What causes upslope snow

25 Mar 2009
Authored by: Ron

We are about to get a facefull of upslope snow tomorrow along the Front Range of Colorado including Fort Collins. What does this have to do with web development? Nothing, except maybe I’ll get to ski to work.

Weather is one of my favorite topics, which is good for my health since I’m a pilot.

Upslope snow in Fort Collins happens this way: A low pressure area passes to our south. The flow around a low pressure area is counterclockwise, which causes the surface wind to come from the east, a little unusual for our area. That air originated well southeast of here near the Gulf of Mexico (visualize that large-scale counterclockwise flow), so it’s wet and moist and thinks it might be fun to take a little vacation in Colorado.

As the moist air flows from the east to the west aiming at the Front Range, it is moving uphill. The elevation in Fort Collins is just over 5000 feet MSL. The elevation at the eastern edge of Colorado is about 3500 feet MSL. The air coming at us is indeed moving “upslope”. As the air is forced westward it’s also forced upward and the gain in altitude causes the air to cool down, which (if it cools down enough) causes the moisture in the air to condense, or if it’s cold enough, to sublimate and precipitate out as snow.

As long as that low pressure sits to our south pumping the air westward and upward against the Rockies, it will continue to snow. If it sits there long enough like it did in 2003 we could get three feet of snow. This time the storm should keep mozying along and we’ll get 6 inches or so by Friday morning.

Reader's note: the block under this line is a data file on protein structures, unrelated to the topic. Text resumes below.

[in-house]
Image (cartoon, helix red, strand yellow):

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2 Comments

  1. Comment by Dr. Baerchen

    Nice description of the upslope storm. This is my first winter in CO and I heard a lot of people talk about the upslope storms and how they just dump snow along the front range. I experienced my first one on 3/26/09, which left 14-18″ in Boulder. Then a few days later on 4/1 we got 4″ of snow. Now they’re forecasting another foot overnight tonight (4/3)! I love the snow, but I’m kind of bummed that this is happening now instead of 2-3 months ago.
    BTW – Not to be a douche, but sublimation refers to a solid transitioning to a gas, not the other way around. You mean to say precipitate, which refers to a solid forming out of a liquid/gas phase (i.e. snow). Trust me, I’m a doctor (but not the kind that helps people! ;).

  2. Comment by Phil Earnhadt

    It was a big surprise when I first learned that the moisture from front range upslopes was coming from the Gulf. The other thing that I wouldn’t have guessed was how localized the precipitation can be in an upslope. If the low pressure system gets parked, a small strip of the front range can just get nailed with snow and areas just a few miles away will get nothing.

    A few years back, one of the faster-moving hurricanes plowed through South Carolina and wound up creating an upslope in the Appalachians in North Carolina.

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